Course offerings vary from year to year. They include:
This weekly seminar includes primarily student presentations of current research and student proposals for the MKin thesis. The format of the seminars varies from term to term depending on the availability of invited speakers, topics of interest to students and faculty, and the research of members of the group. All first-year students are required to take this course over their first two terms of registration. Graded on a Pass/Fail basis.
This weekly seminar includes primarily student presentations of current research. The format of the seminar varies from term to term depending on the availability of invited speakers, topics of interest to students and faculty, and the research of members of the group. Students will register for this course starting in their 4th term. Students who have not defended their theses by the end of their 4th term will re-register for this course in their 5th term. Graded on a Pass/Fail basis.
The principles used in the design of experiments and the analysis of experimental data are examined, with the emphasis on multiple regression and complex analysis of variance techniques. Strategies for decision making in planning and conducting statistical analyses are presented, including sample size, statistical power, violations of variance assumptions, error terms and related issues. Experimental designs for kinesiology and health science are discussed.
The varied epistemologies in qualitative research are introduced in this course, providing students with a broad understanding on interpretive methods. The principles of qualitative research design are discussed, and students are trained in the areas of organizing, interpreting, and presenting qualitative findings.
This course explores in detail the aims, techniques and ethics of research in kinesiology. By gaining a deep understanding of the scientific method, and its cornerstones, reliability and validity, students will gain a thorough knowledge of the methods of data collection including observational methods, survey research, true experimental designs and quasi-experimental designs.
A study of advanced instrumentation and measurement (including research methods – validity, reliability, coherence, etc.) in biomechanics, motor control and neurophysiology. The topics covered include techniques in data acquisition, reduction, and signal processing commonly employed in biophysical research measurement (force, movement, electrophysiology, and electromyography). Among other instruments, students become familiar with the use of a variety of transducers and their systems characteristics, electromyographs, the process of analog to digital conversion, documentation of motion, and quantification of stress and strain.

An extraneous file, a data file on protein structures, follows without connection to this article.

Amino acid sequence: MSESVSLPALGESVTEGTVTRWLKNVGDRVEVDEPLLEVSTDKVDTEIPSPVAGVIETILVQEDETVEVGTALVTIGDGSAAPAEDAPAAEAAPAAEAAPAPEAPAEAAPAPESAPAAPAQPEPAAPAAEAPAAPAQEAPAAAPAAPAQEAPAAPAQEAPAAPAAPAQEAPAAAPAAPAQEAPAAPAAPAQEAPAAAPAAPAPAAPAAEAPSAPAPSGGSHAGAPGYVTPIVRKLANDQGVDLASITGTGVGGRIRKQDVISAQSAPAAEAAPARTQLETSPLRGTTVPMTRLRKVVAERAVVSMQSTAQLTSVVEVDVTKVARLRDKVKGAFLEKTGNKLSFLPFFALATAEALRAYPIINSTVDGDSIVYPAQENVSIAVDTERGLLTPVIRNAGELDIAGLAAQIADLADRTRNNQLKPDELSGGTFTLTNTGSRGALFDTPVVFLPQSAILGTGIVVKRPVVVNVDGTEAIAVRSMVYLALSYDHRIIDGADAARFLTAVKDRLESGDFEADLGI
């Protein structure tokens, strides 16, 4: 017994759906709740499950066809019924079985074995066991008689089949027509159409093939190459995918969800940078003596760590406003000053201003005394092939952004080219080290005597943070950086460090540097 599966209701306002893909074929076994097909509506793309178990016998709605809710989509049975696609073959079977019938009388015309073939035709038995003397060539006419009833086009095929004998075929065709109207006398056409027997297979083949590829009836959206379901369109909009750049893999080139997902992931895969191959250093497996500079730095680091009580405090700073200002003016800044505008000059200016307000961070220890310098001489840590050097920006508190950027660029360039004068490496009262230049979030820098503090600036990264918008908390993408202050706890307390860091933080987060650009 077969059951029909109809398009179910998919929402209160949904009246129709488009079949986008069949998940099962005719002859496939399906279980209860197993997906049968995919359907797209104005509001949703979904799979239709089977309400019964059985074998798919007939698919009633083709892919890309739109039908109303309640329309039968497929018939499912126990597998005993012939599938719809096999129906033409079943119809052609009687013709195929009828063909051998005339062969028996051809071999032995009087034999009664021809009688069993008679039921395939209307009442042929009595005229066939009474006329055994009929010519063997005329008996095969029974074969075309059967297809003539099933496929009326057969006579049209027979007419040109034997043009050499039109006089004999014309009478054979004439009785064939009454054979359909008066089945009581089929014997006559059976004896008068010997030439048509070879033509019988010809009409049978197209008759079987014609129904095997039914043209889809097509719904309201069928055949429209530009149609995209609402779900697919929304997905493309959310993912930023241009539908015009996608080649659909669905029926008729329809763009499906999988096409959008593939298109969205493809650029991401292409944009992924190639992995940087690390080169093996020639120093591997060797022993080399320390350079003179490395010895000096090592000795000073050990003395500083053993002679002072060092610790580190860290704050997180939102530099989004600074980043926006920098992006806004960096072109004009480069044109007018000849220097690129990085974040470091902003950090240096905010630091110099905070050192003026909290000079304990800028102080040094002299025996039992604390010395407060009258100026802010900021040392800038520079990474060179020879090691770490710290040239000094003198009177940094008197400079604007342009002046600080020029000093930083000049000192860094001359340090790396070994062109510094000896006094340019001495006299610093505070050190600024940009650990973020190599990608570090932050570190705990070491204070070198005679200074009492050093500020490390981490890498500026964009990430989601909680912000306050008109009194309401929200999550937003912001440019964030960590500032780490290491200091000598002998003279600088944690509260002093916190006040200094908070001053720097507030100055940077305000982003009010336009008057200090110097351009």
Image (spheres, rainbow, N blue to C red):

This course focuses on the current understanding of the ways in which epidemiologic methods (e.g., analytic designs such as cohort studies) can be utilized to enhance our understanding of the relationship between physical activity and health.
This course focuses on health (conditions, behaviours) and illness across the age continuum. The course is taught from a multidisciplinary perspective so that areas of health, kinesiology and physical education are incorporated into the content.
This course uses a multidisciplinary approach to examine the capacities of human movement and physical activity by means of knowledge contained within and between the disciplines of anatomy, physiology, motor control and biomechanics.
This course focuses on broadly understanding how movement is perceived, planned, controlled, learned and expressed by individuals of all ages, from a variety of perspectives including motor control, cognitive science, and psychology. Theoretical and applied topics are discussed in light of complex skills that involve the whole body, such as dance, high-level sport, and musical performance.
This course uses a multidisciplinary approach to examine physical activity and health from the psychological, sociological and cultural perspectives.
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